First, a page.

In the twenty-first century there is huge interest in birds, as well as concern over the decline of species due to habitat loss and climate change. In Britain today ‘twitchers’ use cameras and binoculars to collect bird species, the rarer the better. It was very different in the nineteenth century, when ornithologists collected physical specimens of birds and their eggs, sometimes in vast numbers. Moreover, the fashion industry’s demand for decorative feathers had a huge impact on some species. This in turn gave rise to the embryonic conservation movement.
Henry Eeles Dresser (1838-1915) isn’t a household name now, but he was one of the most influential ornithologists of the nineteenth century. The Library holds an important album of letters and photographs compiled by Dresser, which has recently been catalogued.
Dresser began to collect birds’ eggs and specimens in his early teenage years. Later, the family business, first in the Baltic timber trade and latterly in the iron industry, gave him both opportunities for international travel and the wealth to indulge his obsession with collecting on a global scale; he amassed some 60,000 eggs and 10,000 specimen skins. Dresser apparently saw no contradiction between collecting specimens and eggs and his passion for birds; in fact, he was an early advocate of conservation and was heavily involved in the early Society for the Protection of Birds (which later became the RSPB).
Dresser epitomised the amateur gentleman-naturalist in the period before natural history was professionalised within scientific institutes, universities and museums. He published more than 100 scientific papers and a number of important monographs on birds, which drew upon his own extensive collections and his international scientific networks. He established and maintained an extensive correspondence network with fellow ornithologists and natural scientists in Britain, Europe and North America.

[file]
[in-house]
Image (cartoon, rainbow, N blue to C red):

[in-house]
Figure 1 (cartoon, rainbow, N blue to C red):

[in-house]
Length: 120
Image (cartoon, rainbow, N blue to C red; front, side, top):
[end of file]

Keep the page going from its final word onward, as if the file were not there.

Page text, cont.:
In 2007 the Library purchased an album compiled by Dresser, which contains some 219 letters and 225 photographs and other portraits of over 250 individuals, including most of the leading ornithologists and naturalists in Britain, Europe and North America during the last third of the nineteenth century and the first decade of the twentieth.
Dresser clearly intended the album to serve as a proud and tangible record of his extensive scientific connections, for it appears that he explicitly utilised his networks to solicit correspondence and photographs to include in the album. His biographer, Henry McGhie, states that Dresser: ‘valued his acquaintances with other naturalists greatly and collected signed letters and photographs from them from the mid-1860s onwards, which he kept in an album. He wrote to John Harvie-Brown in 1869: “Please send me a photo so that the light of your countenance may shine in my ‘bird room’ when I open my book of collectors.” His album […] represents fifty-odd years of social advancement in ornithological society.’ Henry A. McGhie, Henry Dresser and Victorian Ornithology: Birds, Books and Business (Manchester: Manchester University Press, 2017), pp. 75-6.
The album constitutes an important source for the historiography of natural history (especially ornithology) in the period from the 1860s to the 1900s, for the history of international scientific and social networks, and for the history of portrait photography.
We have recently completed a detailed catalogue of the album (English MS 1404), which is now available online via the Archives Hub and our own Elgar site. Although the album has not been fully digitised, many of the individual photographs can be viewed online via our Library Digital Collections at https://luna.manchester.ac.uk/luna/servlet/s/t5dfw0.
 Purchase of the album was generously supported by grants from the former Preservation of Industrial and Scientific Material (PRISM) fund and from Manchester Museum.